On Sun, Nov 27, 2016 at 04:58:43PM -0800, Linus Torvalds wrote:
On Sun, Nov 27, 2016 at 2:42 PM, Dave Chinner
> And that's exactly why we need a method of marking tracepoints as
> stable. How else are we going to know whether a specific tracepoint
> is stable if the kernel code doesn't document that it's stable?
You are living in some unrealistic dream-world where you think you can
get the right tracepoint on the first try.
No, I'm under no illusions that we'd get stable tracepoints right
the first go. I don't care about how we stabilise stable
tracepoints, because nothing I maintain will use stable tracepoints.
However, I will point out that we have /already solved these ABI
$ ls Documentation/ABI/
obsolete README removed stable testing
Expands this to include stable tracepoints, not just sysfs files.
New stable stuff gets classified as "testing" meaning it is supposed
to be stable but may change before being declared officially stable.
"stable" is obvious, are "obsolete" and "removed".
So there is no way in hell I would ever mark any tracepoint
until it has had a fair amount of use, and there are useful tools that
actually make use of it, and it has shown itself to be the right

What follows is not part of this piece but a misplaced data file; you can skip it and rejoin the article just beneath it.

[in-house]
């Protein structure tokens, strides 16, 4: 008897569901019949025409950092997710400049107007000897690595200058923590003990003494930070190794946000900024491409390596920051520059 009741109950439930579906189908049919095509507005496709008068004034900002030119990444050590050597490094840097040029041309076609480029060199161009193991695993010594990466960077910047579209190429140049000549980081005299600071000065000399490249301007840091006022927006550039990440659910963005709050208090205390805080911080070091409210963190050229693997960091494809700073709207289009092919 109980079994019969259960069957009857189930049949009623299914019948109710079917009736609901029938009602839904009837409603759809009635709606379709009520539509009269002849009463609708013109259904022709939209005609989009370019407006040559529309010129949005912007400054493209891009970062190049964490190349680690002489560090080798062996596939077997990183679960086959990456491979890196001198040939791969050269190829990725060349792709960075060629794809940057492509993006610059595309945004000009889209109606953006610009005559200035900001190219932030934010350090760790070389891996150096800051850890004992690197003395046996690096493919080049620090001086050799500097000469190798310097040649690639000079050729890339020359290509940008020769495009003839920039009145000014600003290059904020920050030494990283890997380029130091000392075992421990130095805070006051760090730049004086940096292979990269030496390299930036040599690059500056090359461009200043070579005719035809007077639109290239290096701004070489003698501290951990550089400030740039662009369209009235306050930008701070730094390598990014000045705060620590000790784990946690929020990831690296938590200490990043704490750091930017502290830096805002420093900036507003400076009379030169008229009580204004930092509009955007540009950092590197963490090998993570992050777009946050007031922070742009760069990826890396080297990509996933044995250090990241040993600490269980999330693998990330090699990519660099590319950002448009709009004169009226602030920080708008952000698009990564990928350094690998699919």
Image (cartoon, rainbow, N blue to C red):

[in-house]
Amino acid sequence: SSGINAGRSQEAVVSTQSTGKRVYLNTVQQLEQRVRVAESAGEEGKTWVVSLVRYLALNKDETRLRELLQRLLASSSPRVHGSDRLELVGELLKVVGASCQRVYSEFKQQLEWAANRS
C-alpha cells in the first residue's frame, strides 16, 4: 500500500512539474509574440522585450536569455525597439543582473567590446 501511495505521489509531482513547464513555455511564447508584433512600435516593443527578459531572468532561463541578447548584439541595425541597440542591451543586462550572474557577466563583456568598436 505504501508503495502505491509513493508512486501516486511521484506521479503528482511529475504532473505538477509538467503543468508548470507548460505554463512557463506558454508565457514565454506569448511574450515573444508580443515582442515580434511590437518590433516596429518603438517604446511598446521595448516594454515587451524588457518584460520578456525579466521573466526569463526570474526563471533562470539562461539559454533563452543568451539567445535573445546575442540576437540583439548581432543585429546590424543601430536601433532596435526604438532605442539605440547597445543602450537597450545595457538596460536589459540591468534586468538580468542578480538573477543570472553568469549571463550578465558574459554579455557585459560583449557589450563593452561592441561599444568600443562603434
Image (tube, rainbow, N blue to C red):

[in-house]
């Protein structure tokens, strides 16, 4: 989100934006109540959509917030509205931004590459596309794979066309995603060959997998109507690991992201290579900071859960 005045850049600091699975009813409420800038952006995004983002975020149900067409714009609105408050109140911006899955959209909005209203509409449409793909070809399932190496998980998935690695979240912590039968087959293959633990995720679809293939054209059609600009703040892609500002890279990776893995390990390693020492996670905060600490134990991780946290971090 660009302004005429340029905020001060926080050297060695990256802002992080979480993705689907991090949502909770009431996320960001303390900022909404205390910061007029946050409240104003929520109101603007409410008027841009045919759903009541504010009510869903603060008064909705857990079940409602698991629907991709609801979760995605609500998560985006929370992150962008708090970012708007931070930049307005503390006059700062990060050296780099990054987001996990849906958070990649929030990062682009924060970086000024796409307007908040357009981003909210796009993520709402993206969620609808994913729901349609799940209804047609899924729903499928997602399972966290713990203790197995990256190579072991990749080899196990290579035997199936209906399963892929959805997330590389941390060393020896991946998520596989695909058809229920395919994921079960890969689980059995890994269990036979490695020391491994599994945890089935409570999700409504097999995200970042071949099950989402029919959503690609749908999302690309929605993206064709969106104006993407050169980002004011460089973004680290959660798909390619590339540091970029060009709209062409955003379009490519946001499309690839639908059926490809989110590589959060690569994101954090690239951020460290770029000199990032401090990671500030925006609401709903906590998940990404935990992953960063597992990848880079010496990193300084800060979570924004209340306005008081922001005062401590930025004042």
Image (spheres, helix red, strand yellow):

And once that actually happens, what's the advantage of marking it
stable? None. It's a catch-22. Before it has uses and has been tested
and found to be good, it's not stable. And after, it's pointless.
And that "catch-22" is *precisely the problem we need to solve*.
Pointing out that there's a catch-22 doesn't help anyone - all the
developers that are telling you that they really need a way to mark
stable tracepoints already understand this catch-22 and they want a
way to avoid it. Being able to either say "this is stable and we'll
support it forever" or "this will never be stable so use at your own
risk" is a simple way of avoiding the catch-22. If an unstable
tracepoint is useful to applications *and it can be implemented in a
maintainable, stable form* then it can go through the process of
being made stable and documented in Documentation/ABI/stable.
Problem is solved, catch-22 is gone.
All we want is some method of making a clear, unambiguous statement
about the nature of a specific tracepoint and a process for
transitioning a tracepoint to a stable, maintainable form. We do it
for other ABI interfaces, so why can't we do this for tracepoints?